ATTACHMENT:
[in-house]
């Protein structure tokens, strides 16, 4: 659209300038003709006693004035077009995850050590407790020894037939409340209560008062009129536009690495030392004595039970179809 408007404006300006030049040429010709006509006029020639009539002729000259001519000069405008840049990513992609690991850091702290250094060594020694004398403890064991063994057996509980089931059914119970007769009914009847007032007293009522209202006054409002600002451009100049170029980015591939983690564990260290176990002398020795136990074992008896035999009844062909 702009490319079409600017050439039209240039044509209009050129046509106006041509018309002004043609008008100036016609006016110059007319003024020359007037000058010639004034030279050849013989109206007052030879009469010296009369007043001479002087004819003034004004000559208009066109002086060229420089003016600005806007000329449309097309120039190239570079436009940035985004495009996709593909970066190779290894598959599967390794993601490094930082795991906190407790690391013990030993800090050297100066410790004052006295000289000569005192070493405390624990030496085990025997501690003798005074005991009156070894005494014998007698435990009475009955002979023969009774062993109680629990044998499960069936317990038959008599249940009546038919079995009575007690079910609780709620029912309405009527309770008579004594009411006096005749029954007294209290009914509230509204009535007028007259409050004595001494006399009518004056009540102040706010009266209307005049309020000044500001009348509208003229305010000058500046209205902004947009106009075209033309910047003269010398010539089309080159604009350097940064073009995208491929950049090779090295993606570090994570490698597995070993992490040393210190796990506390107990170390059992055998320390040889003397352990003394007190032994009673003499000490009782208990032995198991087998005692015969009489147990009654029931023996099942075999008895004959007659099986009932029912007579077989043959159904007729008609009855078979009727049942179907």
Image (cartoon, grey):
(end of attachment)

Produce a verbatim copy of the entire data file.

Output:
[in-house]
């Protein structure tokens, strides 16, 4: 659209300038003709006693004035077009995850050590407790020894037939409340209560008062009129536009690495030392004595039970179809 408007404006300006030049040429010709006509006029020639009539002729000259001519000069405008840049990513992609690991850091702290250094060594020694004398403890064991063994057996509980089931059914119970007769009914009847007032007293009522209202006054409002600002451009100049170029980015591939983690564990260290176990002398020795136990074992008896035999009844062909 702009490319079409600017050439039209240039044509209009050129046509106006041509018309002004043609008008100036016609006016110059007319003024020359007037000058010639004034030279050849013989109206007052030879009469010296009369007043001479002087004819003034004004000559208009066109002086060229420089003016600005806007000329449309097309120039190239570079436009940035985004495009996709593909970066190779290894598959599967390794993601490094930082795991906190407790690391013990030993800090050297100066410790004052006295000289000569005192070493405390624990030496085990025997501690003798005074005991009156070894005494014998007698435990009475009955002979023969009774062993109680629990044998499960069936317990038959008599249940009546038919079995009575007690079910609780709620029912309405009527309770008579004594009411006096005749029954007294209290009914509230509204009535007028007259409050004595001494006399009518004056009540102040706010009266209307005049309020000044500001009348509208003229305010000058500046209205902004947009106009075209033309910047003269010398010539089309080159604009350097940064073009995208491929950049090779090295993606570090994570490698597995070993992490040393210190796990506390107990170390059992055998320390040889003397352990003394007190032994009673003499000490009782208990032995198991087998005692015969009489147990009654029931023996099942075999008895004959007659099986009932029912007579077989043959159904007729008609009855078979009727049942179907």
Image (cartoon, grey):